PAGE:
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09.12.15

Government invited to ‘crisis talks’ on social care and BCF

Four health and social care agencies representing providers and commissioners across both sectors have invited communities secretary Greg Clark MP, chancellor George Osborne, the health secretary and other Whitehall departments to urgent talks in face of a “mounting care crisis”.

The Association of Directors of Adult Social Services, Care and Support Alliance, Care Providers Alliance and NHS Confederation have co-written a letter to Osborne,  Clark and the health secretary outlining serious concerns about the persistent funding gaps in social care and lack of Better Care Fund (BCF) cash until the end of this Parliament.

Referring to the chancellor’s social care announcements in November’s Spending Review, the letter’s authors said: “Ultimately, the package put forward will not enable us to fill the current gap in funding, cover additional costs associated with the introduction of the National Living Wage nor fully meet future growth in demand due to our ageing population.”

But issues with the BCF are equally dangerous, the leaders from all four bodies argued, despite the chancellor having poured more money into it and opened it to local government.

“The settlement for social care is backloaded with BCF funding not reaching levels of any significance until towards the end of this Parliament. This has significant implications in terms of the vital support needed by older and disabled people and their carers,” they said.

As well as affecting the care system, it would put the delivery of the NHS Five Year Forward View and the Care Act at risk. “That makes no sense for older people, disabled people, their families or for taxpayers,” the letter added.

“We must target resources so that care can be delivered in the places and setting where people need it most in order to support people’s independence and wellbeing. If we do not collectively address the highlighted issues relating to levels and phasing of funding there is the potential for significant and adverse impacts.”

Adverse impacts included a growing pressure on the NHS, with more people admitted to hospital and more delays in discharges. It would also bring care and nursing homes to ruin, especially in areas where providers are predominantly delivering support to state-funded service users.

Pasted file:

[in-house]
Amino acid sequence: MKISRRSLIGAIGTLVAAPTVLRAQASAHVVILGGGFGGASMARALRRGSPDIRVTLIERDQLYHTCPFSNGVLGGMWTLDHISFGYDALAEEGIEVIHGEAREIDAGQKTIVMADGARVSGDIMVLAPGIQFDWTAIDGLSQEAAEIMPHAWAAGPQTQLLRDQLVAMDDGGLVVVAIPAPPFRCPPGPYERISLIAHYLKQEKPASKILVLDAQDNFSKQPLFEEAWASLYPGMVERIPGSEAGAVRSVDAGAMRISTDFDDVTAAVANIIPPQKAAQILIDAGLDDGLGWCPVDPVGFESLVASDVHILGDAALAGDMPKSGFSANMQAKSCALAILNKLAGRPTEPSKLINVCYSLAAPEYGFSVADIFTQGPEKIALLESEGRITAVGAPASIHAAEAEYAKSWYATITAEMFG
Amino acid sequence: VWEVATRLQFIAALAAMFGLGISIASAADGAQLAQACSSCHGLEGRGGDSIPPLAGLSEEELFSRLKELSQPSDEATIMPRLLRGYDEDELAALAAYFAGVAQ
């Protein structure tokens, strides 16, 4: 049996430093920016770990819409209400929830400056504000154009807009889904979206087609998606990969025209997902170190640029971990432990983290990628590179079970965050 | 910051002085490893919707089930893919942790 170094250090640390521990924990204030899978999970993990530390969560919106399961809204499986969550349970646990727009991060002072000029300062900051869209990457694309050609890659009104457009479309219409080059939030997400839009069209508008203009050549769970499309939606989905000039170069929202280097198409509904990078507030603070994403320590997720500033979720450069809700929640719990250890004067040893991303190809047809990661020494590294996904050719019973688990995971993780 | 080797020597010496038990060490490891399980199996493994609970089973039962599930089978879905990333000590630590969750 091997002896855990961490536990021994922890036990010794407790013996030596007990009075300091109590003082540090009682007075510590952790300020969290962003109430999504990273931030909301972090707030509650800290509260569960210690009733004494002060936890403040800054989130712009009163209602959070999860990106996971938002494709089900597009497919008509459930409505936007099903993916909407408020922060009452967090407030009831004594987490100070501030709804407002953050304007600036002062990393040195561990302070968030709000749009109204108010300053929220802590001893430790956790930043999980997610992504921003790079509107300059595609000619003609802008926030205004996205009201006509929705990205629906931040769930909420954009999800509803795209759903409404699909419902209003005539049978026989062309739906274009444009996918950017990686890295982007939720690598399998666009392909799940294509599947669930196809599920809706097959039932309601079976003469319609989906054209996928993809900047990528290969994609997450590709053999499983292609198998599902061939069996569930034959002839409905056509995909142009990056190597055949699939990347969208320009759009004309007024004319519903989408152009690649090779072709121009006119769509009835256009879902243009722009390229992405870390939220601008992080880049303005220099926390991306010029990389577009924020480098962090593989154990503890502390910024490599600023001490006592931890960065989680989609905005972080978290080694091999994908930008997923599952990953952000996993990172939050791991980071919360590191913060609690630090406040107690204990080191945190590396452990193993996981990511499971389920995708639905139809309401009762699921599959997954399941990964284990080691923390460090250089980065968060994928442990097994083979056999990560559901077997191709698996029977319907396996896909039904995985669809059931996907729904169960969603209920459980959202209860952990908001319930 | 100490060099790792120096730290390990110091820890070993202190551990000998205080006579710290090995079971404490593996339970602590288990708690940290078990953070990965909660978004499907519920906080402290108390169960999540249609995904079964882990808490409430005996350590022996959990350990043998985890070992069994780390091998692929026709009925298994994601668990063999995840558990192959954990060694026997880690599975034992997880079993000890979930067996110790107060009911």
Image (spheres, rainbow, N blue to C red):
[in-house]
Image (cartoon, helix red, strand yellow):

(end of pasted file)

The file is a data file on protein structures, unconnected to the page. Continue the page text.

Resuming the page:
According to the letter, one of the main sticking points to be discussed with central government also included investigating the fate of the £6bn originally earmarked for the full implementation of the Care Act – before extra money is raised from the social care precept in council tax.

Relating to the precept, the leaders pressed the ministers to give assurances on what steps can be taken to ensure the 2% levy will deliver the money needed to safeguard right and equitable levels of social care.

They also enquired what steps can be taken, given the wider Spending Review settlement for local government, to support councils to address the shortfall.

Responding to the letter, the LGA’s community wellbeing spokesperson, Cllr Izzi Seccombe, said the extra BCF funding and the social care precept were positive steps, but added: “However, whilst will go part of the way to helping the social care funding gap, we are concerned that there is no new BCF money next year, with very little money the following year, meaning that the full benefit will not be seen until the end of the decade – despite care for the elderly and vulnerable being at breaking point now.

“Councils, the NHS, care providers and the voluntary sector are united in calling for full funding for adult social care as this is vital to protecting care services and easing pressure on the NHS. If social care remains inadequately funded, the support which helps to keep people out of hospital and in their own homes will suffer, heaping more pressure on our already overburdened NHS.

“It cannot be solely left to local council taxpayers to fix our chronically underfunded social care system. If proper funding for social care is not urgently addressed, essential services will remain increasingly at risk and the full needs of older and disabled people and their carers will not be met.”

But a spokesman for the Department for Communities and Local Government told the BBC that councils already had enough for care services, with the BCF plus social care precept meaning there would be another £3.5bn a year in the system.

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